“Who are my competitors?”
It’s something business leaders, marketers, and salespeople alike ask themselves regularly. You might have thought about it yourself if you recently lost a sale to one of your challengers. Yet chances are good that you might not realize how your competition stacks up against you in terms of keywords.
Let me explain.
First, consider how most people find out about new brands. They type keywords into a search engine and check out the results, right? If a result catches their eye, they click on it. According to Search Engine Journal’s findings, the top three positions get more than half of those clicks. Consequently, it’s important that one of your site’s pages be front and center when a potential lead types in a keyword that's relevant to your business.
In marketing parlance, we refer to this as keyword ranking. It’s very important if you want to steer organic traffic and qualified leads into your sales funnel. The more relevant keywords your site ranks for, the more traction you can gain in the market. Unfortunately, the reverse is true, too. If a competitor outranks you, that company will be in a better position to build awareness and earn sales.
Here’s the kicker, though: Most companies have never tried to identify their keyword competitors. They just assume they know. I’ve had executives, entrepreneurs, and founders ask me to check out their sites’ keyword rankings. They were shocked to learn that businesses that hadn’t been around as long as they had were getting better keyword positioning. And they were understandably eager to learn more about how to rank higher than their competitors.
After helping so many people get insights into their true digital competition, we decided to add the practice into our outreach efforts. Instead of sending a general email to all inbound and outbound leads, I often send a small customized keyword comparison chart. The chart shows how many keywords the company and its biggest keyword competitors are ranking for.
I use our paid version of Moz to complete the evaluations and put the charts together. It takes a bit of extra effort, but that’s OK. Leads tend to be appreciative when they receive personalized keyword analysis charts like this:
It's time to take your keyword competitors seriously. Every day, they’re stripping you of valuable prospects. That’s not good for business. Therefore, I advise taking the following steps to close any keyword ranking gaps between you and other players in your industry.
As I mentioned before, I like to use the keyword research tool Moz offers to figure out top keywords. It’s worth learning how to research keywords correctly and confidently. That way, you can begin to measure your site’s position for a wealth of keywords.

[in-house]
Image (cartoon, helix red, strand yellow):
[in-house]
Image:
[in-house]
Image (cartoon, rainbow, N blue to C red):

What should you do if you find out a competitor is ranking higher than you for pertinent keywords? Dive into the competitor’s website. Nose around. What pages are ranking highest for the keywords you want to compete for? What type of content are they publishing? Subscribing to a competitor’s newsletter or blog can be a terrific way to find out what’s happening on the other side of the fence.
At this point, you should have a good idea of the most valuable keywords you’d like to own — or, in case you already own them, keep. Now, your job is to create new content that uses those keywords and will live on your site. Be sure your copy contains mentions of these keywords in titles, headers, meta descriptions, alt text, and body copy.
There’s a quick caveat, though: Write first for your readers, not your keywords. Far too many companies push out content that’s keyword-rich but insight-poor. But content like that is not going to be worthwhile to anyone and might end up harming your brand reputation (and could end up hurting your rankings because it's providing a poor user experience).
One of my colleagues, Tony Patrick, wrote a great piece for Content Marketing Institute on the topic of historical optimization. It’s a method of freshening up your old content, and one way to update older content involves peppering it with specific, highly relevant keywords.
For example, you might find that an article no longer seems as fitting as it did when it was first published. Rather than archiving it, give it a facelift. With some tactical massaging and appropriate keyword insertions, you can turn it into a high-performing content item that helps you boost your rankings and gain a competitive advantage.
I’m not suggesting that you aren’t aware of your competition for business. With that being said, there are several types of competitors in marketing. Perhaps your real challengers in search results aren’t who you suspect. There’s only one way to find out.